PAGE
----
Where Can I Find Bubble Tea Straws In Georgia?

Decorating By rcolson13 Updated 18 May 2010 , 4:40am by mamawrobin

rcolson13 Posted 17 May 2010 , 5:09pm
post #1 of 19

I need bubble tea straws by Thursday, but I have called the oriental grocery stores in my area and no one seems to have bubble tea straws. Does anyone know where I can get these straws quickly in Georgia? Does anyone know if any particular fast food restaurants tend to carry them for shakes?

Thanks!

18 replies
tiggy2 Posted 17 May 2010 , 5:25pm
post #2 of 19

Most Asian markets have them, but I doubt fast food restaurants would have them. I got mine from ebay but you don't have time for that. You could use the wilton hidden pillars if you can't find the straws.

jammjenks Posted 17 May 2010 , 5:28pm
post #3 of 19

As much as I hated wooden dowels, I'd use them this time. For future orders, you can get them cheap on ebay. I just don't trust other straws personally.

hollynme2 Posted 17 May 2010 , 9:03pm
post #4 of 19

I ordered mine from Amazon....2 day delivery!!

mamawrobin Posted 17 May 2010 , 9:07pm
post #5 of 19
Quote:
Originally Posted by jammjenks

As much as I hated wooden dowels, I'd use them this time. For future orders, you can get them cheap on ebay. I just don't trust other straws personally.




I use milkshake straws because I can't get bubble tea straws. I've never had a cake to shift or collapase on me. I've used them on 2,3 and 4 tier cakes without any problems. thumbs_up.gif

tmac670 Posted 17 May 2010 , 9:19pm
post #6 of 19

Burger King has a big straw that they serve with their Oreo milkshake.

mamawrobin Posted 17 May 2010 , 9:44pm
post #7 of 19

I used McDonald's straws in both my pink flower cake and my blue and white cake that are in my photos. icon_lol.gif I hadn't found any to order at the time that those cakes were made and I hate using dowels. I went to my local McDonalds and ask if they would sell me a few. The lady just gave me a handfull.

Both of those cakes stood completely assembled for two days before being cut and never shifted in any way so I know that they will work just fine. I'd use them again without hesitation. thumbs_up.gif

cakegrandma Posted 17 May 2010 , 9:57pm
post #8 of 19

Where are you at up there? If you are anywhere close to Chamblee check with some of the Asian stores there as there are loads of them. Hope you find some soon enough otherwise, ebay is your best bet for the future. Good luck!!! thumbs_up.gifthumbs_up.gif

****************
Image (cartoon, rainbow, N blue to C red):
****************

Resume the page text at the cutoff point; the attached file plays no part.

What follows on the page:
evelyn

Occther Posted 17 May 2010 , 10:02pm
post #9 of 19

Panera Bread uses them for their smoothies. I have purchased them in bulk at Restaurant Depot.

nanikins Posted 17 May 2010 , 10:04pm
post #10 of 19

Coffee AM in Canton, GA sells them.

CakesbyOma Posted 17 May 2010 , 10:16pm
post #11 of 19

This is something that has worked great for me and every town has a flower shop of some kind right - ask to buy some of the sturdy plastic straws they put around a gerbera daisy. They are big, and appear to be of thicker plastic than the MacDonald's straws (which work great in a pinch). I've used these to support 3-tier carrot cake with cr/cheese and fondant. Works like a charm!

idgalpal Posted 17 May 2010 , 10:28pm
post #12 of 19

I use the green straws from Starbucks

rcolson13 Posted 17 May 2010 , 10:53pm
post #13 of 19

All great ideas CCers! I'm where 575 and 75 meet so Canton is a bit of a drive. I will go by a flower shop tomorrow and if that fails - off to Panera or McDs I go

Occther Posted 17 May 2010 , 11:00pm
post #14 of 19

Are the ones at the florist shop food safe?

sberryp Posted 17 May 2010 , 11:19pm
post #15 of 19

I ordered mine from ebay and got them in less than 2 days.

tiggy2 Posted 17 May 2010 , 11:57pm
post #16 of 19
Quote:
Originally Posted by Occther

Are the ones at the florist shop food safe?



Probably not!

MCurry Posted 18 May 2010 , 12:26am
post #17 of 19

I learned something new today from everyone. Thanks.

I hate cutting wooden dowels and recently have been using dowel straws from a company called Straws by M. Got a pack free at the Cake Convention in NYC. They have worked extremely well. I have transported (2) two-tiered cakes over 3 hours without problems. I'm running out and they are a little pricey to reorder (1/4 inch diameter; 12" long are $72. for 450).

Can't wait to try these straws you are have mentioned. When you give instructions for your cakes are you telling customers they are "plastic dowels" or referring to them as "straws" when removing? Just curious.

Melanie

Djor Posted 18 May 2010 , 2:23am
post #18 of 19

thanks thumbs_up.gif

mamawrobin Posted 18 May 2010 , 4:40am
post #19 of 19

Melanie, I tell them that they're going to find "straws" when they cut into their cake icon_lol.gif. No one seems to mind.

I delivered a cake to the courthouse a couple of weeks ago and I told the lady that she would find straws in the cake because I used them for support. She told me that she had been in several weddings and that she had seen them used many times in wedding cakes. icon_eek.gif

And to think...I thought I was doing something "new" icon_lol.gif

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